Questionnaire Interview and Exposure Assessment
The personal interview was standardized by means of a questionnaire and was carried out by some of the authors (M.R, M.H.F, A.A). The information obtained from the interview included a residential history, a history of water consumption including water source, and duration of use of drinking water from a particular well.
The information regarding existing measurements of arsenic in drinking water came from various sources, including our previous study,10 an official report of water analysis performed by the National Institute of Preventive and Social Medicine (NIPSOM),20 and a scientific survey conducted by NIPSOM (unpublished report). All arsenic concentrations were determined by flow-injection hydride generation atomic absorption spectrometry.
Individual exposure was calculated in 2 ways. First, we assessed the mean arsenic exposure for each subject; in principle, a time-weighted average. Because the subjects had lived all their lives in the same place, this time-weighted average was taken to be equal to the measured concentration. Arsenic concentrations may have been different in the past, but no reliable information is available on this subject. The resulting estimates were then categorized as I, II, and III, corresponding to arsenic concentrations of <0.5 mg/L, 0.5 to 1.0 mg/L, and >1.0 mg/L, respectively.
Second, exposure to arsenic was calculated for each subject by multiplying the arsenic concentration in the well by the number of years that it had been used by the individual (obtaining milligram-years per liter), assuming that the current levels of arsenic in the well water were representative also of the past. The resulting estimates were then categorized as <1.0 mg-y/L, 1.0 to 5.0 mg-y/L, >5.0 to ≤10.0 mg-y/L, and >10.0 mg-y/L, respectively.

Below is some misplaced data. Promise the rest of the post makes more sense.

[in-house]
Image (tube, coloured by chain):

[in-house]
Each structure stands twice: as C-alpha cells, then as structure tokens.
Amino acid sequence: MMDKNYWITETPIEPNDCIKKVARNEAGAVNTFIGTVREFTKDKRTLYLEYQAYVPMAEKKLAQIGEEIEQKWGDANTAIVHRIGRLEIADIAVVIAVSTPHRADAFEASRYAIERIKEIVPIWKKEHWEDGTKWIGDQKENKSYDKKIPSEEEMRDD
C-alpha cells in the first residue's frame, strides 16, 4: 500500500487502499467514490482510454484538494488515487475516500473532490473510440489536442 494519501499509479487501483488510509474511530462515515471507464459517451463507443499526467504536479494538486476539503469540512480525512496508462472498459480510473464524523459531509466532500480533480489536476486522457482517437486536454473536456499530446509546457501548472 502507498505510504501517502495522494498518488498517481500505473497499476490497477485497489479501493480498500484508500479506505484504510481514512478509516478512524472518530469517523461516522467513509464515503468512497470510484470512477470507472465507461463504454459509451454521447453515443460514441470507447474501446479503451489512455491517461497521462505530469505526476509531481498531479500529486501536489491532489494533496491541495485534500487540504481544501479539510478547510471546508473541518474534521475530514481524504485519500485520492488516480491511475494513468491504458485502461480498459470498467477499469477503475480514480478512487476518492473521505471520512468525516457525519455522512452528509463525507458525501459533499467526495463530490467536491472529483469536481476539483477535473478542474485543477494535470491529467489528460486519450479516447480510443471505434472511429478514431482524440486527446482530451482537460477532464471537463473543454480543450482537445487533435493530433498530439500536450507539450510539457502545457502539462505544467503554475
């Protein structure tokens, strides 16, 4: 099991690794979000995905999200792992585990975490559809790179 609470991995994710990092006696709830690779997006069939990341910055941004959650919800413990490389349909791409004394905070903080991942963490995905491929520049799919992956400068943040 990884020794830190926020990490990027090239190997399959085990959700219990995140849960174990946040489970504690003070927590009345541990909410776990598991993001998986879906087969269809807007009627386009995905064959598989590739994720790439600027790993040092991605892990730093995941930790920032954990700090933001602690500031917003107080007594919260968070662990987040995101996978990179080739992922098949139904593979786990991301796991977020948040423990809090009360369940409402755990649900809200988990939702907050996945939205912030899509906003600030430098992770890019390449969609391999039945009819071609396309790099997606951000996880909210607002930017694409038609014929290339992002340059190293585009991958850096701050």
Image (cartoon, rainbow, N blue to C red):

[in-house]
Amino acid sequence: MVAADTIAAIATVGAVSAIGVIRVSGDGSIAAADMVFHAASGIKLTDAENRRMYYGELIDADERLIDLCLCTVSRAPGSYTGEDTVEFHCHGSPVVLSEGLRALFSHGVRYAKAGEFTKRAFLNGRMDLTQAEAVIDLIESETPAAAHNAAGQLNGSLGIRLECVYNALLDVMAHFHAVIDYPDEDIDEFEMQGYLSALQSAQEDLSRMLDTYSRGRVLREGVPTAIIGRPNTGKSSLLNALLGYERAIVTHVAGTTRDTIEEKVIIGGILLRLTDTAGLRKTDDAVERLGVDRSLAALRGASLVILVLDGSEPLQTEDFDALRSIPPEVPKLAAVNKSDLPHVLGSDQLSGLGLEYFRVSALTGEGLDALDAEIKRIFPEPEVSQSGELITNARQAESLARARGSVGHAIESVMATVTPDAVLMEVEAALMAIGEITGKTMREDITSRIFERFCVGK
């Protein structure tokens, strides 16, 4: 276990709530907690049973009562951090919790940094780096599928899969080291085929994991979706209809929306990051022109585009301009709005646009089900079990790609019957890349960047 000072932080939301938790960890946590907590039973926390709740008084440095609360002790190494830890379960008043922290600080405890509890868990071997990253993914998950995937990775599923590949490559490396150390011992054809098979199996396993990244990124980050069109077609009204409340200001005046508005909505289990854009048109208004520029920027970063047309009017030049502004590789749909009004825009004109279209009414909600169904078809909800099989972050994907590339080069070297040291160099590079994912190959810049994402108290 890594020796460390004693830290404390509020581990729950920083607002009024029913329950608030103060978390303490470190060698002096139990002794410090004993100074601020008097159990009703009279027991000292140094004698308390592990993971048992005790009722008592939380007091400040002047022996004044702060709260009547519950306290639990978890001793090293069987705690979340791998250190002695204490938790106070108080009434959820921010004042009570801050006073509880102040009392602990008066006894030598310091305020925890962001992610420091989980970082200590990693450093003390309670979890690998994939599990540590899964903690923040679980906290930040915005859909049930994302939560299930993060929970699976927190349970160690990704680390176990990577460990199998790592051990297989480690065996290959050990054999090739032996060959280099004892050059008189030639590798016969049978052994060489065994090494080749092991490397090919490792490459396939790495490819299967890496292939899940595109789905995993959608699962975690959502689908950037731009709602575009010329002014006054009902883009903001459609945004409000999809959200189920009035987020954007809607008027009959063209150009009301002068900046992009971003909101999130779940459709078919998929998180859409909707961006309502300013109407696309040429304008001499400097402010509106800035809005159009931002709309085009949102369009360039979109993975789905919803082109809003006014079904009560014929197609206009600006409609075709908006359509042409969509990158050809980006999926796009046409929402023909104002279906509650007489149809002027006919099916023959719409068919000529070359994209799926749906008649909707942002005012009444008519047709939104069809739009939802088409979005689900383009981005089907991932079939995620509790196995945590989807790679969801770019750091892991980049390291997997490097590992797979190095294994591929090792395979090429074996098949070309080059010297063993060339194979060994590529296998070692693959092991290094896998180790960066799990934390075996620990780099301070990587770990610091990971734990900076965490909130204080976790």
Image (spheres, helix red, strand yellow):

Standing height and body weight were measured with the subjects wearing light clothes but no shoes. Individual body mass index (BMI) was calculated as weight (in kilograms) divided by height (in meters squared).
Blood Pressure Measurements and Hypertensive Status
The definition of hypertension is controversial. For this study we defined hypertension as a systolic blood pressure ≥140 mm Hg combined with a diastolic blood pressure ≥90 mm Hg, as used elsewhere.21 No other cut points were used with these data.
Blood pressure was taken after rest and relaxation for at least 15 minutes in sitting position according to the protocol recommended by the World Health Organization.22 Blood pressure was measured 3 times, and the lowest value was taken as the proper value for this study. For the subjects who had hypertension, blood pressure was rechecked during 2 additional visits (once per visit). The mean of the systolic and diastolic blood pressures from these 3 occasions was used in the study and recorded as the closest multiple of 5. A mean blood pressure was also calculated as diastolic blood pressure plus one third of the pulse pressure, the latter being the systolic minus the diastolic blood pressure.